THE fractious nature of the main political parties in Zimbabwe since the July, 2013 elections has resulted in numerous suspensions and expulsions of party members and has meant that there has been frequent recourse to subsections 129(1) (k) and 129(1) (l) of the national Constitution. These subsections have been subject to a variety of interpretations and inconsistently implemented.
This paper sets out the circumstances in which the subsections have had application post the 31st July, 2013 elections and considers some legal aspects pertaining to the provisions.
The subsections are as follows:
129(1) (k) The seat of a Member of Parliament becomes vacant if the Member has ceased to belong to the political party of which he or she was a member when elected to Parliament and the political party concerned, by written notice to the Speaker or the President of the Senate, as the case may be, has declared that the member has ceased to belong to it.
129(1)(l) The seat of a Member of Parliament becomes vacant if the Member, not having been a member of a political party when he or she was elected to Parliament, becomes a member of a political party.
At first glance the subsections appear straight forward enough. Enormous difficulties become apparent, however, if one is to consider how the subsections are to be implemented.
The first point to note is that the Speaker of Parliament does not give effect to the provisions. The vacancy is triggered automatically by the national Constitution, once certain facts have come into being.
The Speaker, however, may be required to make a declaration that the circumstances set out in the subsections have in fact come to pass. It is here that the problems arise.
Consider subsection 129(1) (k). There are two criteria to be met here: one; that the Member has ceased to belong to the political party of which he or she was a member when elected to parliament and,two; the political party concerned, has written to the Speaker declaringthat the Member has ceased to belong to it.
The Speaker is thus required to make two findings of fact – has the member ceased to be a member of the political party to which he or she belonged when elected; and has a duly written letter confirming this fact been dispatched and received by him.
However, where a member of a party has ceased to belong to a political party, for example, on account of an expulsion, this fact may be difficult to determine. The expelled member of the party may strongly contest the expulsion, contend that the expulsion was procedurally flawed and institute appeal proceedings. How then is the Speaker to proceed?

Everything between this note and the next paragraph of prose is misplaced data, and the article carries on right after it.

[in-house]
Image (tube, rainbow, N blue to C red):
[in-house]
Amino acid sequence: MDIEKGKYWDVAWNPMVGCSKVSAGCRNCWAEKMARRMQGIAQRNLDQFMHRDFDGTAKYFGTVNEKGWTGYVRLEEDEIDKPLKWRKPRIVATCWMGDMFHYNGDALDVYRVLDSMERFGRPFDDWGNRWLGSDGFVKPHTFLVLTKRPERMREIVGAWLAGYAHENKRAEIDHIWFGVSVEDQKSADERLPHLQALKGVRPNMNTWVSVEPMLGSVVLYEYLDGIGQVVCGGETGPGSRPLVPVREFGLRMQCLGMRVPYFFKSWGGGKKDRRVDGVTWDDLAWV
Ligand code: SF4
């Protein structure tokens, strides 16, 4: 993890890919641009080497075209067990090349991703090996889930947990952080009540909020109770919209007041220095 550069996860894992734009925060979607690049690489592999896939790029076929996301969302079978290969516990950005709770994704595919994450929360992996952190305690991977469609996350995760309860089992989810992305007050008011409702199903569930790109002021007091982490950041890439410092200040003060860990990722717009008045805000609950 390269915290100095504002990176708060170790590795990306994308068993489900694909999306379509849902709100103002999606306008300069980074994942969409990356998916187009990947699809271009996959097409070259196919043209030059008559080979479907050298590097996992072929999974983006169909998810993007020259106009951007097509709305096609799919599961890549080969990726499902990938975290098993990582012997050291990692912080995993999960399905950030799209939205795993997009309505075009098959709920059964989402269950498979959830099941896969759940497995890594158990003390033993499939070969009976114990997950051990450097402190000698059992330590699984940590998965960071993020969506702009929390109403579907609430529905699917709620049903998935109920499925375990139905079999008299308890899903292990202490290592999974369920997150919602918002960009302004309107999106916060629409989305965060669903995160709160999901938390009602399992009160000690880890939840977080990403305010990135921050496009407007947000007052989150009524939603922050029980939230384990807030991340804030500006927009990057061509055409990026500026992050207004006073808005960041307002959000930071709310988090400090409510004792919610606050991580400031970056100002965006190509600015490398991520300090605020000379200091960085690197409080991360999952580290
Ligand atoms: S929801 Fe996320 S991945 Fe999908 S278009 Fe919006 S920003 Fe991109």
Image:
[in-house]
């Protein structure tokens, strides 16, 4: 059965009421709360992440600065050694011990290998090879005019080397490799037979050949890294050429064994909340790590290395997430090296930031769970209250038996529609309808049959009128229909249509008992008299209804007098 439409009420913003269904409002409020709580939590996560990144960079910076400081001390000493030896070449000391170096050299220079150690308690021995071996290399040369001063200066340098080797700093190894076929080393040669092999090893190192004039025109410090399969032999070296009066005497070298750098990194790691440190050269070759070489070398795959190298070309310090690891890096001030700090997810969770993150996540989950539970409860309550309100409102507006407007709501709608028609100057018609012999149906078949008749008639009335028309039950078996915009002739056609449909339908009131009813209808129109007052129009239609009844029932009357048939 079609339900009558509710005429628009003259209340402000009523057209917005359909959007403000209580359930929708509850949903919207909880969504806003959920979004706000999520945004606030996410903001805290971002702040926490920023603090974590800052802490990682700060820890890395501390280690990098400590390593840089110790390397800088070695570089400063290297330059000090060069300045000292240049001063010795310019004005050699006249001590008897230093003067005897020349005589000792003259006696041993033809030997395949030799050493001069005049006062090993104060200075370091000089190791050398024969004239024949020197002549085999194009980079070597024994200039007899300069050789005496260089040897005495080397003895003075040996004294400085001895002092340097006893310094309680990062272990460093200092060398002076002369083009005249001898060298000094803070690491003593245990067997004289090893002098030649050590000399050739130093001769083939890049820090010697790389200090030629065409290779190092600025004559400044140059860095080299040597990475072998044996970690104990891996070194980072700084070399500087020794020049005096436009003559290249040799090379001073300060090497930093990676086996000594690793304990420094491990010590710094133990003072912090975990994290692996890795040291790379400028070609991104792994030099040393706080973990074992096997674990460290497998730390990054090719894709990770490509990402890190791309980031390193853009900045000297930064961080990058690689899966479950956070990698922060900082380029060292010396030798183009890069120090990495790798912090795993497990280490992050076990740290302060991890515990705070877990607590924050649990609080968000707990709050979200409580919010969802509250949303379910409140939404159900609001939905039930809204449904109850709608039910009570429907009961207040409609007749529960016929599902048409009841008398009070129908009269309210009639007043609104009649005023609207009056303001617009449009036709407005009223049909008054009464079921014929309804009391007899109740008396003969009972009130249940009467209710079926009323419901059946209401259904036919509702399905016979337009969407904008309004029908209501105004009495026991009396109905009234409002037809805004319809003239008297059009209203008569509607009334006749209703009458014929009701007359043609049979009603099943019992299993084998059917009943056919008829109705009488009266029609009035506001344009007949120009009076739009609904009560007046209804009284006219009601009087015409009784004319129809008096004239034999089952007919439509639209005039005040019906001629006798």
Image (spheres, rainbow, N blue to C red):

Has or has not the Member ceased to belong to the political party in question? A similar situation arises if there has been a schism in the party, with two groups both contending to be the “real” constituents of the split party. In this situation, it is difficult for the Speaker to determine both criteria. He may not be able to tell whether it is those in Group A or Group B who have ceased to be members of the party to which they belonged when elected. He may also be unable to determine whether a letter purportedly addressed to him in terms of subsection 129 is written by the party concerned, or by a splinter group which claims to be, but is not in fact the party concerned. It may also be contended by the affected Member that the letter was written by someone without due authority to do so.
Once, again, how should the Speaker proceed in such situations? Since a declaration of a vacancy has a profound effect upon the Member and upon the public generally (as a by-election must then be called) surely administrative fairness demands that the Member be heard before the Speaker makes his findings of fact and declares the vacancy?
This then implies that the Speaker must convene a mini tribunal and essentially determine, for example, whether an expulsion is legitimate or not. Yet, by acting as a tribunal in such issues, the Speaker appears to be drawn into matters which are beyond his purview and possibly skills.
If a Member has brought the matter before the Courts, the Speaker may be rescued from this role, and hold back his declaration of a vacancy until the Courts have determined the issue.
But in so doing, the Speaker risks a Constitutional violation. Recall that the vacancy occurs regardless of any declaration thereof, whether it is by the Speaker or a court. It occurs the moment the facts come into being. Thus if a court finds that a vacancy did occur, the Speaker would have failed in his obligation of notifying the state President of the vacancy and the constitutional requirement that by-elections take place within 90 days of the occurrence of the vacancy (and not its declaration). Matters may be even more complex where the Speaker declares
the vacancy, and only then the Member appeals his expulsion from the party.
There is now the risk of contradictory rulings by the Court and the Speaker. Circumstances may thus be such that the Speaker is damned if he does declare the vacancy and damned if he does not.
Perhaps his best course of action is not to declare the vacancy if there is any doubt.
The aggrieved political party can always approach the Courts.
If however, a vacancy is declared when it ought not to be, the results could be chaotic, as by-elections may be called which ought not to be resulting in a plethora of legal challenges and the possibility of a seat being wrongfully lost never to be regained.
Matyszak is a lawyer and senior researcher at the Research and Advocacy Unit in Harare.